Singing Praises at Midnight

by Benjamin Burks on November 24, 2010 · 2 comments

Acts 16:25, “And at midnight Paul and Silas prayed, and sang praises unto God: and the prisoners heard them.”

What a time to start singing! And what a time to start singing praises! If it were you or me, we would be thumping our fist against the door demanding to see a lawyer or blaming someone for our circumstances. Paul and Silas were singing praises to God when they were right in the middle of serious trouble in Philippi! Our wonderful and compassionate pastor, and co-founder of RUI, reminded us of this reference just recently during our time of sorrow. What else can we learn from Paul and Silas?

It seems they had something within them that enabled them to handle this new experience of being steadfast in the stocks in the middle of prison. When you read the epistle to the Philippians, the one word that is perhaps repeated more than any other is the word “joy,” (the word “rejoice” is from the same root word). Sixteen times in Philippians, Paul speaks of joy and here in prison we have him manifesting that joy. This brings to mind this great principle in the Christian life – the difference between happiness and joy. Everybody says they want to be happy, but happiness is defined as that which is a result of outward circumstances, a result of good things that happen.

That’s all right, as long as you can keep happy things happening; however, we all know that this is not the case, and there is not always an “even flow”. There are going to be mountains and valleys; the tide is always going to come in and go out. As Christians, we need to react to these contrasting circumstances with the same consistency. “On Christ the solid rock I stand, all other ground is sinking sand,” is one way a song-writer described it.

Think of these men who are sitting with their feet in the stocks of the dungeon. Could you say that their circumstances are happy? They were not singing because they were happy, they were singing because there is something deeper in their lives and it’s that thing we call “joy”. Joy is not dependent on outward circumstances: joy is a cheerful, calm delight and rejoicing in particular circumstances. Which ones you might ask? It’s those circumstances that are difficult to understand and accept.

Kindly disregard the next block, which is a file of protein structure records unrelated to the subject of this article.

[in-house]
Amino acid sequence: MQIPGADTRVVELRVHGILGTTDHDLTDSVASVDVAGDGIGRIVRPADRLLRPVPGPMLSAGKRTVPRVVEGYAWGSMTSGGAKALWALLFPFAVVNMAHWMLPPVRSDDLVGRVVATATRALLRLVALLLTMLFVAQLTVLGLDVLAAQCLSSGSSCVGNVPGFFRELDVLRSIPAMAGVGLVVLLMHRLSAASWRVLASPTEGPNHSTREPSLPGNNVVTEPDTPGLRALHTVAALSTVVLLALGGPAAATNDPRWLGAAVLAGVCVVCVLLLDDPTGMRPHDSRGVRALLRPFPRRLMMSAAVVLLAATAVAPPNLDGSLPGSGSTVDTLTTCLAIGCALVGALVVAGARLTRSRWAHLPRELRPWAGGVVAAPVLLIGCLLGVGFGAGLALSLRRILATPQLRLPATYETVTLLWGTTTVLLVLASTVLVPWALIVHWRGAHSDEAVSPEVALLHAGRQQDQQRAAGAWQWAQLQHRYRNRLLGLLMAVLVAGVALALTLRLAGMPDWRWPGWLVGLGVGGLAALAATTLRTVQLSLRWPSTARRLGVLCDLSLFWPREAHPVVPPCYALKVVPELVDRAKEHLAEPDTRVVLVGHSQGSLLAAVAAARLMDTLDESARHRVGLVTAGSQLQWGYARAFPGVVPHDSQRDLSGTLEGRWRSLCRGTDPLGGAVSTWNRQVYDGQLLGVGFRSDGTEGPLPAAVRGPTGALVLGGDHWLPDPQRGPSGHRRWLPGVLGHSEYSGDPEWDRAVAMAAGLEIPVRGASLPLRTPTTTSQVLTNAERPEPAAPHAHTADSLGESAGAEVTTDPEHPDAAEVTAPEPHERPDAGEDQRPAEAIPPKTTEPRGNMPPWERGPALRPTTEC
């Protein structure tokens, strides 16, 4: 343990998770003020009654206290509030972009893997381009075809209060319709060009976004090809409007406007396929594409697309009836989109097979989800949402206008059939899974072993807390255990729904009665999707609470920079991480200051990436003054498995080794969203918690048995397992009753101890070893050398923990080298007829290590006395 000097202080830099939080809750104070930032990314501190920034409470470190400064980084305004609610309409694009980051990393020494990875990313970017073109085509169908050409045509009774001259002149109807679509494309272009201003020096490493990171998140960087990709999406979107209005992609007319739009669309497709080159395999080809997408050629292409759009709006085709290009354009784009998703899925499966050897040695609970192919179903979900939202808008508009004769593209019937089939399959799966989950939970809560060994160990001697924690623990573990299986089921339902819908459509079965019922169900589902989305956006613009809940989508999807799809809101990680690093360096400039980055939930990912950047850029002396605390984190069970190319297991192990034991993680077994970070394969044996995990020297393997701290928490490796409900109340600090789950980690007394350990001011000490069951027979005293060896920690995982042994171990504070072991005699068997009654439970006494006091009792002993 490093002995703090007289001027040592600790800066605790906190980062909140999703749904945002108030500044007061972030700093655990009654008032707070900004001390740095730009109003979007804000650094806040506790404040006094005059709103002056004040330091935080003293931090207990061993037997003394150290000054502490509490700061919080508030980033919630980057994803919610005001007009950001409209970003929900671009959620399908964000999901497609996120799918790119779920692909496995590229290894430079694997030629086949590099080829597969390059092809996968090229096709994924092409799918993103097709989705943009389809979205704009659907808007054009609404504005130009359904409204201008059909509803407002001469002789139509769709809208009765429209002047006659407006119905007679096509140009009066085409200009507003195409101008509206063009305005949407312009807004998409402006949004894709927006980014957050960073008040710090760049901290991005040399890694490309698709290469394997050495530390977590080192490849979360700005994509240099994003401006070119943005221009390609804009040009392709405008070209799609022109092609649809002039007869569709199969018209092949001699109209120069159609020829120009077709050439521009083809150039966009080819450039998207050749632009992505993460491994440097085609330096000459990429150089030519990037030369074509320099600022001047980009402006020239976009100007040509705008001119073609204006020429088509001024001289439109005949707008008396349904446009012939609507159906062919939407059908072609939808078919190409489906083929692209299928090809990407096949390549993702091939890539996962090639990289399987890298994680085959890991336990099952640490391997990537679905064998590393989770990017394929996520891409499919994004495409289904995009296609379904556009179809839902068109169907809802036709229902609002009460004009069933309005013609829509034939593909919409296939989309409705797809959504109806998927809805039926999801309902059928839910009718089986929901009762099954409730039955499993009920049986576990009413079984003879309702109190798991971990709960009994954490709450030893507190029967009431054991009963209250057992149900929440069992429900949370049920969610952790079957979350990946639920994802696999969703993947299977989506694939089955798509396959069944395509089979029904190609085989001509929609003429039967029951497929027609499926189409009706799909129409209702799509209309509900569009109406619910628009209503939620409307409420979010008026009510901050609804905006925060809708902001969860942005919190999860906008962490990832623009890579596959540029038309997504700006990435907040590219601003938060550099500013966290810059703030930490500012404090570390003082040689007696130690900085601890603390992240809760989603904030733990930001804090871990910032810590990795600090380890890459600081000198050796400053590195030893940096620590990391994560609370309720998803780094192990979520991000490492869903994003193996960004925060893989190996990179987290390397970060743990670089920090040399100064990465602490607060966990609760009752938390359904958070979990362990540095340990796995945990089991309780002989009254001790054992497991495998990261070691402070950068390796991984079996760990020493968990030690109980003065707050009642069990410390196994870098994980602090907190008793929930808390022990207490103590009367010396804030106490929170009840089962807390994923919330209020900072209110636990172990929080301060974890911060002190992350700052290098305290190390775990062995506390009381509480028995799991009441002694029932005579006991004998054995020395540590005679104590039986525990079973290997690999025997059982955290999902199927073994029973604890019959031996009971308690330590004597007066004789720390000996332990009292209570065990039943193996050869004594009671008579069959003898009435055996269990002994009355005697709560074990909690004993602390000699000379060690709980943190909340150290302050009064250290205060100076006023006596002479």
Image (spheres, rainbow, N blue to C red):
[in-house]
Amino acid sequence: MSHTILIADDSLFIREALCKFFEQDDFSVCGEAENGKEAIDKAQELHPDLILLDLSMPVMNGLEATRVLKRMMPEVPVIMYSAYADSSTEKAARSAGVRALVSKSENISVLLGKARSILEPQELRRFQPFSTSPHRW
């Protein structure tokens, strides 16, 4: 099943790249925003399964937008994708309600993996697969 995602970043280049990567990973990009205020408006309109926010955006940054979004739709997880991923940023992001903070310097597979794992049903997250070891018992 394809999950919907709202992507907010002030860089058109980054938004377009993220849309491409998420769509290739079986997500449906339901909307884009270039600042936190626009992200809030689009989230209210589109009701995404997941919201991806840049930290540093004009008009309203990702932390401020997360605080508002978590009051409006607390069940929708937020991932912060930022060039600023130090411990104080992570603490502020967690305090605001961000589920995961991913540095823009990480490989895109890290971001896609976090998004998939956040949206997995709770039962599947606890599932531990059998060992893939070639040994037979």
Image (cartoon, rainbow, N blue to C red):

Are we praising God that our friend, mentor, and leader, Bro. Curington is gone? Not hardly. I do not believe Paul was thanking God for the stocks and chains and bars, but rather the relationship with the One who knew where he was at that moment. I did not see where or what God was doing with our recent and sudden loss, but I knew that He (our Father) knew right where we were each step of the way. In this, we can rejoice.

You can praise God for what He is, and for how He knows everything about you: you are God’s work and neither God nor you can fail if you recognize that. And you can praise God because you know who you are, you know He knows where you are, and you know what you can do in Him. So you praise God because of the deepness of what He’s done within you, not because of the circumstances that surround you.

Prayer Requests
Please pray for each of the following:
1. Pastor Kingsbury as he maintains, clarifies, and expands every department of Reformers Unanimous.

2. Jay and Brenda Griffin to sell their home in Ohio as they transition to Rockford in December.

3. Chris and Joy Lemke as they move back to Rockford to work in the Housing Ministry.

{ 1 comment… read it below or add one }

Slash.andy November 30, 2010 at 10:40 am

I really appreciate this article, brother Burks. It kinda is along the same theme as my post “Ultimate Thanksgiving”. Very much needed in our society of unthankfulness and ingratitude.

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